Found People Thursdays – GUEST BLOG – Tony Altilia – Ad Man, Perennial Inc.
Thursday, May 9, 2013

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Jack Ponte and Tony Altilia met at The Marketing Magazine Best of 2012 event in January. A few words of wisdom from Tony to Jack brand left a lasting impression. How could  it be any other way when you’ve been moving and shaking  in the Advertising industry for 3 + decades like Tony has?

Here’s a snap shot Bio : After graduating from WLU Business school, Tony spent 2 years as a client at the Campbell Soup Company, and then 33 years in the ad agency business. He worked globally with Leo Burnett and is the past president of DDB Canada. Since retiring almost 6 years ago he has taught Brand Development at OCAD University, wrote a book, started a boutique brand consultancy and pursued his passions of art, music, golf and travel.

FP – You’ve worked in advertising since the 70’s, what’s the biggest difference between working in the business now to the 80s ?
TA – It’s not as much fun. In the 70’s and 80’s we worked hard and played harder, mostly with our clients. Some of my best friends today are clients I met then. The biggest difference in the business is media fragmentation. It grows exponentially. In the early days of my career and on any given brand, we’d shoot a commercial, run it on three networks and tracked it to see if it worked. It was easier and a lot more fun.

FP – If the business has changed so have you, tell us about that?
TA – I am wiser. I’m free. I work for myself. I report to no one. I work with people I like. I work on projects I like. If I don’t like the work or the people I don’t engage in a project. I have time to pursue the interests I neglected while I was working, namely music and art. I have also discovered what I enjoy most about the business is helping clients position and champion their brands. I love solving brand puzzles, whether they are positioning or brand architecture challenges.

FP – Mad Men – fact or fiction? explain
TA – I only caught the tail end of the Mad Man era. Definitely fact. I’ll say no more on the grounds that it may incriminate me but I once had a boss and a client that were alcoholics and 4 martini lunches were not uncommon. They collectively mentored me on the fine art consuming liquid lunches.

FP – A lot of people complement brand strategists by calling them disruptive – is that where good strategy is going? Why or why not?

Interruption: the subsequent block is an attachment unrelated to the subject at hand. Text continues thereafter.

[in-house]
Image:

TA – Strategies are not disruptive. An execution of a strategy can be but strategies aren’t necessarily so. Great strategies are intelligent and insightful. Great strategists look at information, big data and small, qualitative and quantitative, see patterns and then create intelligent observations and hypothesis. Great strategist are curious by nature, students of the human condition and have an insatiable thirst for learning. Some of the best strategists I worked with were writers and art directors.

FP – Texting, Mobile Apps,Twitter, Facebook, LinkedIn – noise, distraction,
constant interaction-how does this changes us most as consumers?
TA – I’m not sure it changes us as consumers. We will still consume the brands we connect most with emotionally. Texting, Mobile Apps Facebook are just channels to communicate with one another and brands. Personally, I believe these incremental channels are exacerbating our collective ADD.

FP – What’s the most consistent behaviour you bring to your work, how has it.
TA – The most consistent behaviour I bring to my work is integrity. I tell the truth.
I strive to build trust and be trusted. I expect the same in return. All we have to offer clients is the truth. If I’m asked for my opinion I oblige. Integrity is integral to a successful career and a clear conscience.

Tony thank you for blogging with us. You know we still do have liquid lunches, and sometimes getting through one does take some coaxing. They’re usually chock full of spirulina, vegetable protein and ginseng :). We appreciate your insight and candor.


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